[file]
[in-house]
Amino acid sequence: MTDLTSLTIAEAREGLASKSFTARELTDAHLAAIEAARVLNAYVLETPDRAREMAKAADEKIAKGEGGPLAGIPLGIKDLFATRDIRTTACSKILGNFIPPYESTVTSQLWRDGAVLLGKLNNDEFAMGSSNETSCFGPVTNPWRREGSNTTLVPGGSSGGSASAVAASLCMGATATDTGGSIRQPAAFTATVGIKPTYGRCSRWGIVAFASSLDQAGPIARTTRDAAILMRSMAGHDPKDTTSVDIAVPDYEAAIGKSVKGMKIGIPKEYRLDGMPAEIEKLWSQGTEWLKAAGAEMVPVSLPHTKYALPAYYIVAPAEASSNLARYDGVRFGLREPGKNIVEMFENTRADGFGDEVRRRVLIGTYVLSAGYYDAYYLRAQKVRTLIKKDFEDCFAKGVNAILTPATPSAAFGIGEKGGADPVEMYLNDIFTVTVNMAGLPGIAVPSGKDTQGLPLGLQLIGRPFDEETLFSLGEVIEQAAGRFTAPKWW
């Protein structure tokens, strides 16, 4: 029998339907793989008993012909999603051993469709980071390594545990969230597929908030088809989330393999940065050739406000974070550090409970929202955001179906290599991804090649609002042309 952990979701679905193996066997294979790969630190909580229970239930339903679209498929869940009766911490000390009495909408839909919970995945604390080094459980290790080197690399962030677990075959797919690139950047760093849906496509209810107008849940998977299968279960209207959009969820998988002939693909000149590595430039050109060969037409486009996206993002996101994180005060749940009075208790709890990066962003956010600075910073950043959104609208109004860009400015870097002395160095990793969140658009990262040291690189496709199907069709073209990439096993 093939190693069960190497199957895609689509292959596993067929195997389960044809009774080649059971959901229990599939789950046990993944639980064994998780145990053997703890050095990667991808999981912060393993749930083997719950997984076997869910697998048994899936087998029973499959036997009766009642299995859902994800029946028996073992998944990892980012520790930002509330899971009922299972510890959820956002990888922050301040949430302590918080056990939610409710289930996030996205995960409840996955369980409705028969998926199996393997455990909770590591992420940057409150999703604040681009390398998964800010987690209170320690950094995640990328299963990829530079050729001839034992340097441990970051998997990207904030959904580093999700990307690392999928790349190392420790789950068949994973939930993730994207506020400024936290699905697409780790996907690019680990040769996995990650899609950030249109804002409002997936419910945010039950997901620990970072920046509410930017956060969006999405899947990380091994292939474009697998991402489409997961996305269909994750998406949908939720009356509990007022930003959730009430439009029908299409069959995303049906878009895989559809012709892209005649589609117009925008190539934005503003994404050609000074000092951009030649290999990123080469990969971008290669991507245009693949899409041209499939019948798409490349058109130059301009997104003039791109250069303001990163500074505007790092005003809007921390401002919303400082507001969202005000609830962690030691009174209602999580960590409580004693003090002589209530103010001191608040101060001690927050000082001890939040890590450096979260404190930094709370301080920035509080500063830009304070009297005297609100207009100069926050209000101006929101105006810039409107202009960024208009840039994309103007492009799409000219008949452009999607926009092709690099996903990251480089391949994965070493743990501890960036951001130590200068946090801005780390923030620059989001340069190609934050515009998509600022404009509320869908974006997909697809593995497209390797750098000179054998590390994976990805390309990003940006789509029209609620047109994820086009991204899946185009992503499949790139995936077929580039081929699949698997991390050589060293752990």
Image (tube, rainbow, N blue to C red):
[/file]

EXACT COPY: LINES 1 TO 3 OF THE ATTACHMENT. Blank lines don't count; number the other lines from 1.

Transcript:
[in-house]
Amino acid sequence: MTDLTSLTIAEAREGLASKSFTARELTDAHLAAIEAARVLNAYVLETPDRAREMAKAADEKIAKGEGGPLAGIPLGIKDLFATRDIRTTACSKILGNFIPPYESTVTSQLWRDGAVLLGKLNNDEFAMGSSNETSCFGPVTNPWRREGSNTTLVPGGSSGGSASAVAASLCMGATATDTGGSIRQPAAFTATVGIKPTYGRCSRWGIVAFASSLDQAGPIARTTRDAAILMRSMAGHDPKDTTSVDIAVPDYEAAIGKSVKGMKIGIPKEYRLDGMPAEIEKLWSQGTEWLKAAGAEMVPVSLPHTKYALPAYYIVAPAEASSNLARYDGVRFGLREPGKNIVEMFENTRADGFGDEVRRRVLIGTYVLSAGYYDAYYLRAQKVRTLIKKDFEDCFAKGVNAILTPATPSAAFGIGEKGGADPVEMYLNDIFTVTVNMAGLPGIAVPSGKDTQGLPLGLQLIGRPFDEETLFSLGEVIEQAAGRFTAPKWW
């Protein structure tokens, strides 16, 4: 029998339907793989008993012909999603051993469709980071390594545990969230597929908030088809989330393999940065050739406000974070550090409970929202955001179906290599991804090649609002042309 952990979701679905193996066997294979790969630190909580229970239930339903679209498929869940009766911490000390009495909408839909919970995945604390080094459980290790080197690399962030677990075959797919690139950047760093849906496509209810107008849940998977299968279960209207959009969820998988002939693909000149590595430039050109060969037409486009996206993002996101994180005060749940009075208790709890990066962003956010600075910073950043959104609208109004860009400015870097002395160095990793969140658009990262040291690189496709199907069709073209990439096993 093939190693069960190497199957895609689509292959596993067929195997389960044809009774080649059971959901229990599939789950046990993944639980064994998780145990053997703890050095990667991808999981912060393993749930083997719950997984076997869910697998048994899936087998029973499959036997009766009642299995859902994800029946028996073992998944990892980012520790930002509330899971009922299972510890959820956002990888922050301040949430302590918080056990939610409710289930996030996205995960409840996955369980409705028969998926199996393997455990909770590591992420940057409150999703604040681009390398998964800010987690209170320690950094995640990328299963990829530079050729001839034992340097441990970051998997990207904030959904580093999700990307690392999928790349190392420790789950068949994973939930993730994207506020400024936290699905697409780790996907690019680990040769996995990650899609950030249109804002409002997936419910945010039950997901620990970072920046509410930017956060969006999405899947990380091994292939474009697998991402489409997961996305269909994750998406949908939720009356509990007022930003959730009430439009029908299409069959995303049906878009895989559809012709892209005649589609117009925008190539934005503003994404050609000074000092951009030649290999990123080469990969971008290669991507245009693949899409041209499939019948798409490349058109130059301009997104003039791109250069303001990163500074505007790092005003809007921390401002919303400082507001969202005000609830962690030691009174209602999580960590409580004693003090002589209530103010001191608040101060001690927050000082001890939040890590450096979260404190930094709370301080920035509080500063830009304070009297005297609100207009100069926050209000101006929101105006810039409107202009960024208009840039994309103007492009799409000219008949452009999607926009092709690099996903990251480089391949994965070493743990501890960036951001130590200068946090801005780390923030620059989001340069190609934050515009998509600022404009509320869908974006997909697809593995497209390797750098000179054998590390994976990805390309990003940006789509029209609620047109994820086009991204899946185009992503499949790139995936077929580039081929699949698997991390050589060293752990």